Avalanche danger in Aspen-area mountains increases with new snow
The avalanche danger in the mountains surrounding Aspen is likely to increase as more snow starts piling up, the Colorado Avalanche Information Center warned Monday.
A skier was caught in a slide Friday even before the danger increased, stressing the tricky conditions, the avalanche center said in its online report. The male skier was not buried or injured.
He was part of a group skinning up the Jeep road on Taylor Pass en route to the Opa’s Hut, according to a report filed with the avalanche center. Taylor Pass is near the town of Ashcroft, about 12 miles from Aspen.
The first skier triggered a slide on a northwest aspect below the pass summit.
“The skier took a ride of a few hundred feet, ‘surfing’ a hard block of avalanche debris,” the report said. “His ski was caught and fortunately released.”
The group couldn’t find his ski. They continued their trip, spreading out to 75-feet intervals so only one person would get caught in case of another slide.
While that incident occurred in the backcountry, many of the mishaps in the Aspen area have historically been in the “sidecountry” accessed from the ski slopes. Skiers cannot let their guard down on slopes just outside the ski-area boundaries.
Fresh snow Monday increased the avalanche rating to considerable from moderate. Considerable is level 3 of 5.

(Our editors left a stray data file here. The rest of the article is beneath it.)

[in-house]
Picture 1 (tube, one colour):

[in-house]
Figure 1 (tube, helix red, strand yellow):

“Snow that has been on the ground since early in the season is weak,” the avalanche center said.
With steady snow expected daily in the extended forecast, the quickest increases in avalanche danger will be on slopes with drifting snow, the report said.
“It is becoming easier for you to trigger dangerous avalanches on steep slopes,” the avalanche center said Monday. “You could trigger them from a distance or bottom of a slope, and they could spread over terrain features in surprising ways. Expect the avalanche danger to increase quickly with the additional snow (Monday).”
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Elk that roam near Aspen and Snowmass and other parts of the Roaring Fork Valley are part of a six-year study by the Colorado Parks and Wildlife to investigate the drop in some herds around the state.